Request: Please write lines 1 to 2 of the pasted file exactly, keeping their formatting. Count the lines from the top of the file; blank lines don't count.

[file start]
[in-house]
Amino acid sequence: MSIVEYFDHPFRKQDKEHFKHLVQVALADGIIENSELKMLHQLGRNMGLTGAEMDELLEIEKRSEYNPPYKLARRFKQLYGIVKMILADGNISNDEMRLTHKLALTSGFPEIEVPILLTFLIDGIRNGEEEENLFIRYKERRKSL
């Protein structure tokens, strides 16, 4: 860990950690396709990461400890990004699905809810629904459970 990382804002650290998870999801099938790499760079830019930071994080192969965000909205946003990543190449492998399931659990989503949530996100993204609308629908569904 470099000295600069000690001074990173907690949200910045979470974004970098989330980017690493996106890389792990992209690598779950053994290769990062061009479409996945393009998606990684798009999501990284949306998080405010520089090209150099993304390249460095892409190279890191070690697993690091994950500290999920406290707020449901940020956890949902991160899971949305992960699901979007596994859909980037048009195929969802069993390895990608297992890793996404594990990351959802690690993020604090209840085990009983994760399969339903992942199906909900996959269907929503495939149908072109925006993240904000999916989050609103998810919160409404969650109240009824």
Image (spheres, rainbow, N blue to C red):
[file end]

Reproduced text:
[in-house]
Amino acid sequence: MSIVEYFDHPFRKQDKEHFKHLVQVALADGIIENSELKMLHQLGRNMGLTGAEMDELLEIEKRSEYNPPYKLARRFKQLYGIVKMILADGNISNDEMRLTHKLALTSGFPEIEVPILLTFLIDGIRNGEEEENLFIRYKERRKSL